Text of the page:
With the election less than a week away, much attention has been turned to the complex world of election polls. There are more polling companies than there are presidential candidates, and as such, they paint very different pictures of the upcoming election. Before you get lost in a wave of jargon and bias, here are a few facts to help you navigate the stormy seas of late-season polls:
Terms to look for:
Sample: When you see obscure figures like "1500 LV" in your poll of choice, don't get confused or alarmed. Any credible polling source will tell you its sample size, and sources are obliged to tell you what kinds of people are providing their survey data. The number you see is the amount of people polled, and the acronym refers to the kinds of people surveyed. The two common examples are LV, which stands for likely voters (those who plan on registering and going to vote on Election Day), and RV, meaning those who are already registered voters. The results of these two samples often differ, so make sure that you check who was polled before you read too much into the results.
MoE: Another common acronym polling sources like to throw out is MoE. This stands for Margin of Error, and accounts for any errors the poll might have made. For example, if a major polling outlet accidentally surveyed a disproportionate amount of rural Americans in their research, the percentage indicating Repulican support might be slightly higher than expected. To account for such mistakes, they put in a margin of error. This percentage could hypothetically be added or subtracted from either candidate's percentage. If a poll showed Romney at 47 percent and Obama at 45 percent with a MoE of 3 percent, then the actual result could be as extreme as 50-42 in favor of Romney, or even 48-44 in favor of Obama. The most credible and accurate polls tend to have a large sample size with the smallest possible margin of error.
Nationally recognized polls:
Gallup: As the oldest continuous polling outlet in the United States, the Gallup poll is typically the most respected and most referenced poll during election season. It is known for generally accurate presidential election predictions, although it's responsible for the "Dewey Defeats Truman" fiasco in 1948. In recent years, it has been accused of not proportionately surveying minorities, leading to slightly negative results for President Obama. Nonetheless, the Gallup poll usually will give you what you're looking for in a readily digestible format.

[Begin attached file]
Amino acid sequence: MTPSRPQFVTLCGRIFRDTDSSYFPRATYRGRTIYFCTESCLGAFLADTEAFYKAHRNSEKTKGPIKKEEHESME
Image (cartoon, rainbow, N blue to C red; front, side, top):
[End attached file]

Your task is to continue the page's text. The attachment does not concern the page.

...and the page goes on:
Rasmussen: Only in existence since 2003, Rasmussen Reports have become a widely-known force in predicting elections. Although it predicted the 2004 presidential and 2010 congressional elections with startling accuracy, Rasmussen is generally considered to have a Republican bias. For example, a poll earlier in the summer put Romney ahead by 1 percent while most other polls had Obama ahead by at least 4 percent. That being said, the Rasmussen Reports are often a very good barometer of the electoral atmosphere, although taking the results with a grain of salt is recommended.
Real Clear Politics: When poring over the vast multitude of polls with their own unique biases, it can get a bit daunting. Fortunately, if none of the independent surveys win over your confidence, Real Clear Politics is here to save the day. Its website features the RCP Average, an aggregation of all the major polls, including Gallup and Rasmussen. Similar to the MetaCritic feature on IMDB, the RCP Average creates a consensus among top professionals in the field to create the closest thing to an objective account of the electoral scope. The RCP Average currently has Romney with a slim 0.9 percent advantage over President Obama, so a close election is definitely expected. One downside of this format is that it's unable to give you a sample size or margin of error.
As you prepare to make your final choice on Tuesday, check out Real Clear Politics first to get a general idea of what the polls indicate. Then, take a look at more specific sources like Gallup or Rasmussen to make sure you're comfortable with their sample size and margin of error. Armed with this knowledge, you'll be ready for this exciting last week of the campaign. According to the RCP average, Mitt Romney has turned a 5 percent deficit into a 1 percent lead in just the past month. Although the polls can't tell us exactly what's going to happen, one thing is clear: Expect a nailbiter on election day.